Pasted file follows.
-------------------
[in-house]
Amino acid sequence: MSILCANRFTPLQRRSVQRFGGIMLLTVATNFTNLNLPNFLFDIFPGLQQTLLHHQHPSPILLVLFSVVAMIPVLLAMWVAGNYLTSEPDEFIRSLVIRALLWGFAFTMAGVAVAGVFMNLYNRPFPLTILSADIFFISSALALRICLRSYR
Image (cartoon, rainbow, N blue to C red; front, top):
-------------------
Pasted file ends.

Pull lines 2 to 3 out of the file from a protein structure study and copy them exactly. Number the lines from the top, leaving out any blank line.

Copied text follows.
Amino acid sequence: MSILCANRFTPLQRRSVQRFGGIMLLTVATNFTNLNLPNFLFDIFPGLQQTLLHHQHPSPILLVLFSVVAMIPVLLAMWVAGNYLTSEPDEFIRSLVIRALLWGFAFTMAGVAVAGVFMNLYNRPFPLTILSADIFFISSALALRICLRSYR
Image (cartoon, rainbow, N blue to C red; front, top):